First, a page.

b. The open and gross lewdness incidents and subsequent identification of the defendant as Jennifer's assailant.   Marisol's (the victim in the open and gross lewdness matter) mother lived at 89 Longhill Street, opposite 106 Longhill Street.   In February and March of 1993, Marisol visited her mother every day.   Because there were few parking spaces in front of her mother's building, Marisol often parked her car in front of 106 Longhill Street.   During that time, she frequently observed a naked man, whom Marisol later identified as the defendant, standing in an apartment window at 106 Longhill Street, masturbating.   The man often used binoculars to watch Marisol and her sister while he engaged in this conduct.   In February of 1993, Marisol's boyfriend confronted the man and asked him to stop, but the conduct nevertheless continued.   On March 15, 1993, about six days after Jennifer was assaulted, Marisol and her sister were leaving their mother's apartment when they again observed the naked man standing in the window, watching them and masturbating.   Consequently, Marisol called the police.

Two police officers went to 106 Longhill Street in response to Marisol's complaint.   Upon arriving at that address, the officers spoke to the sisters, and then entered the building and knocked on the door of the apartment where Marisol had seen the man.   The defendant opened the door;  he was wearing a pair of shorts and no shirt.   The officers arrested the defendant, after which they took certain items from his apartment, including a coat, brown gloves, a knife and a bandanna.   On March 16, 1993, Jennifer identified some of the items as being those worn or carried by her assailant.1  Jennifer was also shown nine photographs of Hispanic males, and she selected the defendant's photograph as being that of her assailant.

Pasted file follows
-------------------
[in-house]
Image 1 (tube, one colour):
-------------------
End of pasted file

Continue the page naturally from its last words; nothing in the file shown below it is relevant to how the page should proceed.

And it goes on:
2. The “bad acts” evidence.   The defendant claims that the judge committed reversible error in allowing evidence of his alleged prior bad acts, including (1) Marisol's testimony concerning her observations of the defendant masturbating, and (2) testimony that the defendant had committed two uncharged burglaries in the vicinity of the address where the assault occurred.

 a. The admission of Marisol's testimony.   Early in the trial the defendant offered to plead guilty to the open and gross lewdness indictment which was based on the masturbating incidents.   The defendant retracted his offer after the judge informed defense counsel that even if the defendant pleaded guilty on that indictment, he intended to allow Marisol to testify regarding her observations;  the judge ruled that her testimony was relevant to the assault indictments because it tended to show that the defendant was sexually frustrated, and therefore, it had probative value as to the identity of Jennifer's assailant.   The judge cited Commonwealth v. Scott, 408 Mass. 811, 817-820, 564 N.E.2d 370 (1990), in support of his ruling.   Marisol subsequently testified that she saw the defendant masturbating on several occasions.